Don’t think that I am perfect. I am far from it. But I was so scared with the nausea and pain double whammy, I was smacked into action.

The pain changed; it travelled. I went to a craniosacral therapist, who told me I had a slipped disc. I continued with physical therapy. I stopped taking the pain killers since they did not really help. The pain was less than that night I saw the orthopedist, but was still insistent.

A main obstacle was the inability to sit for long. I felt embarrassed when I’d go to a lecture or a Shabbat meal, and after forty minutes or so I would have to stand. I cringed when people looked at me with pity in their eyes and asked if I was okay. Of course, they were being kind, but I hated being pitied.

Then, I went to the birthday party for a friend (I stood during the speeches) and met a medical massage therapist named Avigayle. Unlike the p.t. who told me that her goal was not for me to be able to sit a long time, Avigayle told me I would get all better! She lent me a book about emunah and told me that I should put my faith in Hashem more.

She stood me in front of the mirror, and showed me how to adjust my posture so that my shoulders would be even, and my knees unlocked. I was diagnosed with scoliosis as a child, and have had poor posture for years. Avigayle showed me to focus on standing properly, “So you don’t get to be a hunched over old lady!”

I think of myself as a person with a strong sense of emunah. Of course I know that everything is in Hashem’s hands. But after reading the book, I realized Avigayle was right. I really needed to put myself into Hashem’s hands, and believe with all my heart that He would heal me.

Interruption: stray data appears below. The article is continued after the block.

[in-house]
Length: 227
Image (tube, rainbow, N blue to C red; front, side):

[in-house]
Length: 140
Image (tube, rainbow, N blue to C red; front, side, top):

I realized that the trouble I was having was Hashem’s way of giving me a catalyst to start doing exercises to strengthen my muscles now, and to learn how to modify my posture so that I won’t be in pain when I am older.

I often talk to Hashem, but Avigayle encouraged me to talk more. So I did. I told Hashem over and over that I could be a better mother and wife and a better servant to Him if I could function better. And, in my requests for myself I added a friend who has had nearly Job-level troubles.

In addition to the spiritual work, I also did my exercises. And I saw improvement slowly, and then almost from seemingly out of the blue, I felt I was back to my old self.

I washed dishes tonight. Did you realize that takes a little bending? The p.t. forbade me from any bending or lifting; doing either had been painful. I thanked Hashem for giving me the ability to wash those dishes. I would so rather be able to do them, than not.

Baruch Hashem my pain is gone. I didn’t know if I would ever be able to say that! My pain has been replaced by a tremendous sense of hakarat hatov.


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Jolie Greiff is a freelance writer and community social worker. She lives with her family in Ramat Beit Shemesh.